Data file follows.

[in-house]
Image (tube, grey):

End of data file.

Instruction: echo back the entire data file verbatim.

[in-house]
Image (tube, grey):